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Cowboy Days

Cattle ranchers still rope and ride on the East Bay’s rolling hills


Drive up Walnut Creek’s North Gate Road past the Mount Diablo park gate, and you’ll see black-and-white Angus lazily grazing on a hillside. Watching over the herd is rancher John Ginochio, a fifty-something fella in dusty Wranglers and leather boots. Ginochio has been raising, branding, and rounding up cattle in Contra Costa since he was a kid.

That’s right. Cattle ranchers still exist among the rest of us working stiffs in Diabloland. These aren’t fantasy camp cowboys—lawyers and loan officers who want to butch up their midlife, as Billy Crystal did in City Slickers. These East Bay ranchers are hard-working, dirty-hands types who spend the year raising the buttery beef we cut through at Ruth’s Chris on Saturday night.

"This is a way of life," says Ginochio. "When I was in high school, I realized that if I didn’t stick with ranching, I’d have to work in an office someday. So it wasn’t a hard decision to make."

Ginochio runs a herd of roughly 1,000 heifers, steers, and bulls on about 7,600 acres throughout Contra Costa County, mostly around Mount Diablo. Every September, a new batch of calves joins them. In February, the calves are branded and then enjoy their best days as prairie grazers. Eventually, the calves will be shipped to Nebraska, Wyoming, or other Midwestern states to be fattened on corn and sold at auction.

"It’s a tough business, because you can’t control the market or the weather," Ginochio says. "You might work hard all year and not get paid accordingly. But what I love is being able to raise the highest quality Angus cattle possible and then to top the market price."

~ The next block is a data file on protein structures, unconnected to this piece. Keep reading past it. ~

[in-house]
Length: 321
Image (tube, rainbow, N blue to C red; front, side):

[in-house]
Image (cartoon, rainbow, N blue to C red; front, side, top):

The area’s handful of remaining cattle ranchers do it to make an honest buck—but also to keep their families’ traditions alive.

Longtime rancher Marie Cronin runs Cronin Ranch in Dublin, one of the large cattle outfits in the area. She moved to Dublin when she married into the Cronin family in 1960. "There were 53 residents of Dublin when I got here," she recalls. "But the next year, people started coming by the busload."

As the Tri-Valley population grew, Cronin learned the ranch life. In 1979, her husband fell ill. Just before he passed away, he asked her to keep the family’s livelihood going. "I said that I’d try," says Cronin, "and I’m still trying."

The Cronin Ranch matriarch loves to see her grandchildren helping at the ranch, especially at roundup, when the calves get branded. Watching the sixth generation of Cronin ranchers is "very amusing, because it’s identical to when my three kids were that age."

Turlock resident Ron Batteate also gets help from his family with his herd of about 100 cattle, which graze on Livermore land he leases from the East Bay Regional Park District. His family has been in the beef business since the 1920s, and his two sons help him with the livestock. The Batteate boys enjoy certain adrenalin-rush elements of the tradition, such as roping. But to make a living, they also have full-time jobs, as a truck driver and a Stanislaus County police officer. Ron Batteate runs a trucking company and ranches his cattle on the side.

John Ginochio isn’t sure if his eight-year-old son will follow in his footsteps. "I hope so. I hope it’s still an option for him. But he’s like every other kid in Walnut Creek right now," Ginochio says, shrugging. "He’s into video games."

Ginochio heads out to the field to see his heifers, which are eight months pregnant and getting ready to drop their calves. "This is my favorite time," he says. "I love when they drop and then picking out the best of the best, the cream of the crop, for the future."

Later, Ginochio breaks up bales of alfalfa around the edge of a corral. The heifers approach cautiously at first. Finally, one cow digs in, and the herd gathers round and blissfully enjoys the feast. Ginochio wipes his brow with his baseball cap, looks at his livestock, and smiles.

"I don’t know if they seem beautiful to you," he says, beaming with pride. "But they sure look beautiful to me."

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